Chevrolet Malibu Maxx SS

Chevrolet Malibu Maxx SS Chevrolet Malibu Maxx SS
Road Test

This Malibu Maxx SS painted in Laser Blue Metallic is about the same color as the bolt of lightning that killed my pal Jeff's 1974 Cadillac. Actually, it wasn't lightning so much as an electrical arc. Maybe it was an electrical arc; we don't know for sure. The old Caddy just stopped running one day while we had a screwdriver stuck down its distributor.

Who's Jeff? He is a GM man, one of the few from Generation X. He lives in the Long Island suburb of Plainview-we're not making the name up-with his wife and new baby, his antique Cadillac, an Oldsmobile Alero, and a Chevy Malibu company car. He drives about 50,000 miles a year and goes for a spacious vehicle that doesn't cost much and gets decent fuel economy. The Malibu Maxx SS makes him hot. "As a company rep, I aspire to that car."

Chevy has been putting traveling salesmen in a sweat for 45 years by gluing the Super Sport badge to workaday sedans. The Malibu Maxx, Chevrolet's slightly funky, somewhat frumpy bobtail wagon was burning for the SS treatment from day one, which for the Maxx came in 2003.

True, the Maxx is already a Gauloises-smoking bohemian at the Chevrolet of baseball, hot dogs, and apple-pie fame. It rolls on GM's front-drive Epsilon platform, which it shares with European cosmopolitans from Saab and Opel. To American eyes, the body is a somewhat runty-looking cross between a family sedan and an ice chest, but it speaks to the Continental preference for hatchbacks. The chassis is also stiff and relatively sophisticated. Check out those cast-aluminum arms in the multilink rear suspension. Were autobahns consulted in the making of the Maxx?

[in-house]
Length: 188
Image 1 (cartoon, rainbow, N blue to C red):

With a thick spear of chrome splitting its face, the old Maxx looked as if it were wearing orthodontic headgear. For 2006 the Maxx gets a more straightforward array of grilles, and the SS receives extra silver accent rings. It's a simple change that, like having braces removed, works wonders for the smile. The SS also receives a spoiler on the hatch, some rocker cladding below the doors, and a square-jawed front bumper with a chin spoiler and fog lights. Inside the 225/50 Goodyear Eagle LS-2 tires are 18-inch alloy wheels with five very thick, very square spokes that look ready for the big torque.

The SS badge is really about the engine, and at the $24,690 base price (ours had only a $325 satellite-radio receiver increasing its sticker), the Maxx SS gets more of it. This is still a 60-degree iron-block pushrod V-6-and you were expecting . . . what?-but the bores grow by three millimeters and total displacement rises from 3.5 liters to 3.9. A variable-length intake plenum optimizes airflow, and a new variable-valve-timing system rotates the cam to crack open the intake valves (and yes, the exhaust valves, too) earlier or later depending on the motion of your right foot. That's a first for "cam in block" engines, says GM.

Snigger if you wish. Say that's like being first out with a black-and-white plasma-screen TV, but pushrod cam phasing is a new wrinkle worth noting and a widget that even the Corvette doesn't have.

Ultimately, easier breathing is what the fuss is about, and the 3.9 revs hard and fast with an unusually crisp song that we're unaccustomed to in GM's pushrod V-6s. It also doesn't gasp at the far end of the tach, winding to the 6200-rpm redline with a steady, consistent push. We'd be hooting even louder if this 3.9 were making, say, the same 250 horsepower and 242 pound-feet as the overhead-cam 3.5-liter V-6 in the Saturn Vue Red Line. That engine, by the way, is made by Honda, which knows a thing about squeezing out horsepower. Output from the Maxx SS is 240 horses at 5800 rpm and 240 pound-feet of torque at 2800 rpm, which is still an upgrade of 39 horsepower and 19 pound-feet over the 3.5-liter V-6 in the Maxx LT and LTZ.